I/O w/o O/I
A little note on the difference between Gods and Monsters. As ever, I return to the symmetry of the continuum, where we find the far end to seem unfeeling and unnatural. The monster is driven by relentless urges. It is all Output and no Input. Insensitive power, and the power of the insensitive. All that is mindless or heartless and artificial can be mythologized as monstrous. A freak of nature, or a Frankensteinian attempt to transcend nature.
If the monster is an embodied urge, then a god is the opposite; a disembodied personality whose output is that of unbounded teleos. The spirit world is supernatural and all knowing. There can be a god of faith, which receives prayer and devotion as Input, but whose Output is only indirect as signs, miracles, and other synchronistic effects. The supernatural emerges from the seemingly unexplainable unfolding of events and conditions or projection of reasoned intention. The power of the supernatural is figurative and must be inferred by genuine belief. It has no motive power of its own and must borrow that of individuals to worship and serve, whether out of hope and gratitude or fear and dread.
This relates to a conversation about information vs sensation, where I tried, as ever, to make the case for sense as the progenitor of all phenomena, including information-theoretic phenomena. I thought that a straightforward way of understanding this is that turning on a computer or turning the gears of a machine is not substitutable. There can be no symbolic code which has an effect to stop or start a Turing machine, except virtually. Software cannot turn on its own hardware once it has been turned off completely. This comes up a lot in managing server farms at data centers. If you remote into a server and accidentally shut it down rather than reboot. You may have to make a call to someone to physically walk down to your cage and push the button to turn it back on. Even if you’ve got layers of fault tolerance built in, with power switches that can be remotely controlled, it is still inevitable to find yourself calling for a manual reset when that software fails.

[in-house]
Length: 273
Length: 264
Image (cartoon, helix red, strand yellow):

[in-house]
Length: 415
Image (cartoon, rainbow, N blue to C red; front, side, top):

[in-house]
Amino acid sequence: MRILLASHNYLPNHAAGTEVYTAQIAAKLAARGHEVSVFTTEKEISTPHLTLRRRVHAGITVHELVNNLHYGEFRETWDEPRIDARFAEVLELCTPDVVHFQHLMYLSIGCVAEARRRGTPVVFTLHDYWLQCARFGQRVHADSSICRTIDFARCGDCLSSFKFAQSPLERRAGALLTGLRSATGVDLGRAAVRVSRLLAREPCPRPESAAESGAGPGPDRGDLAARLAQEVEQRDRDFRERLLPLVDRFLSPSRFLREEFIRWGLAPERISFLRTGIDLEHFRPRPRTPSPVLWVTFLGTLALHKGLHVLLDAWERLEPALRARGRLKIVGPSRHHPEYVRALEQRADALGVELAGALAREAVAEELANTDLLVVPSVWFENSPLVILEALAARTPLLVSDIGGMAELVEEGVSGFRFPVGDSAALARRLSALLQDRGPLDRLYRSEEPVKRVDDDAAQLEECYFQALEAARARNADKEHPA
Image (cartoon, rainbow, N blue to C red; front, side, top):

This is what I think distinguishes the sensory-motive from input/output. I/O can be virtual – it designates a flow of information in a theoretical topology, but sense must always be literally present at the lowest and most fundamental level of the universe. It can only be a uniquely experienced event which occupies a fixed spacetime coordinate relative to all experiences in the history of the universe. It cannot be simulated or emergent from code. Without genuine sense, the motive power of mechanical output is a monster or zombie. Blind automation. Without genuine motive, an aesthetic sense is bound to the mytho-poetic realm of fiction or psychic intuition.